One Day Removals
Stirton already made One Day Removals as a short film back in 2004 called Removals, the story of two men who are in the removals business and are called to a job which goes disastrously wrong. Before long they have a stack of bodies in the back of the van and the accidents keep happening.
The story for One Day Removals is simple, it's a day in the life of two friends and co-workers in Aberdeen. They're removal men who have a seemingly simple job to take care of outside of the city. A husband and wife are divorcing and the wife wants them to collect all her stuff and move her out. A big job, lot's of driving, and money to be made.
However as soon as they start the day things seem to be going wrong, and not only that but escalating, and they don't seem to be stopping. Soon they are both in more trouble than you could ever imagine, with a van that's piling up with bodies, and that's just by lunchtime, wait till you see what the afternoon has in store.
Now I don't really know if I need to declare the fact that I lived in Aberdeen in the North-East of Scotland for many years, that I can understand and even speak Doric (although not as well as my mother), that I do love new ideas and independent film, and that I've chatted with Mark Stirton and he's a decent bloke.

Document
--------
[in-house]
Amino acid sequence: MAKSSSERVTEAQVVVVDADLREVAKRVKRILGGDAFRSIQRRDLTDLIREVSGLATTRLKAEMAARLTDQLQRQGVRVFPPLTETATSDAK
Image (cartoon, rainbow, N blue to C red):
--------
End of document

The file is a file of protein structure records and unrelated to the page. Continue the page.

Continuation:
However what I know I do need to make clear, and this is not an apology or an excuse, merely an explanation, is how independent and small budget films can be reviewed.
If you review Citizen Kane or Blade Runner with a five out of five, or ten out of ten, and then compare them with a film such as The Planet or One Day Removals, independent films made with passion, heart, and not the same access to resources, money, and backing that these huge films have enjoyed, what are you going to give them? Nothing? One?
You can't do that because they just cannot be compared. I've heard a lot of negative things said about The Planet with the effects and acting ripped apart, but as Mark Stirton has said, they're being compared to Cloverfield (Filmstalker review) or Transformers (Filmstalker review), and there's no contest.